We can't teach our kids everything, of course. Some things they need to work out for themselves. Take my son for instance. No matter how many times I tell him, he probably isn't going to learn not to stand on his chair for laughs at school until he falls off of it one day. Just the facts.
One of the things I really want to teach my kids is how to take care of daily responsibilities. Chores suck. They suck even worse when I'm the only one doing them. No amount of training or fun music or games will make chores less not-fun. So we just buck up and do them right? Plus, if we all work together for a shorter amount of time, we can all have more time for My Little Pony marathons and cake.
(Image by lazcreations.deviantart.com)
I swear I never watch it by myself. Never.
Another thing I want to teach my kids is how to handle their money. It's not that my kids spend all their money right away...it's that they never spend it at all. And that's great! Except I'm worried that when it comes time to start spending money they won't know how to do it. It's a huge fear. I didn't know how to spend money myself until I was at least 30.
Finally these kids need to learn some time management. I swear it's like they think they have hours to complete every task, whether it be watering their gardens in Harvest Moon or eating breakfast before the bus arrives. Come on guys! Contrary to popular belief, you don't actually get clones later in life to help you be on two places at once!
I definitely don't have a particular love for Pinkie Pie either. Not like I identify with her in any way. Nope. Nuh-uh.
So I think I've found a way to solve all three of these problems in one slightly complicated but nonetheless fell swoop.
This is our weekly chore chart. TAH-DAAHHHH!!!!
On the left you'll see our daily chores; stuff that has to get done on the regular no matter what, without pay, because I am cheap. I mean poor. I mean frugal!
Middle column is the juicy stuff: paid chores! Each is assigned a dollar amount (typically $1) to be paid at the end of the week. Once a task is finished, whoever did it puts their initials in the last column to claim it. On Friday, everyone gets paid.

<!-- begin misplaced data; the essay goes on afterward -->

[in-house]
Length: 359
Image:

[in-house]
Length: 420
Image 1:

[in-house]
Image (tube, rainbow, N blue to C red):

But there's a twist!!
(Image courtesy of www.iambrony.com)
Okay I'll stop now.
The twist is, anybody in the house can claim a chore. The kids can of course. But so can I. So can my parents. So can my friends. So can the kids' friends. Anybody who wants a buck can pick a chore. Hopefully this will motivate my kids to do it, since they don't put much importance on money to begin with. Which, in truth, I really like about them. It speaks to a sort of anarchistic innocence, a statement against the greedy and oppressive nature of a near-tyrannical capitalist economy. But that's beside the point.
Another thing I think might motivate them is the fact that I'm also putting harsh limits on their time with video games and non-school-related computer time. Like, way harsh. They will now have the ability, however, to purchase more time. 30 minutes of extra time playing video games or computer games, or staying up later to read, will now cost them...$1!
Now every time they want more time, they can look at their dollar bill and think about the blood, sweat, and tears that went into earning it (no there hasn't been any blood yet), before they decide whether it's REALLY worth it to play just one more day of Animal Crossing.
The kids are mighty suspicious of this new set of rules. They're not really used to mom having rules. I'm not a big fan of them myself. But dammit, I will raise RESPECTABLE, contributing anarchist members of society! Er. I mean. Well you know what I mean.
Go away Pinkie. Geez. Somepony doesn't like to listen.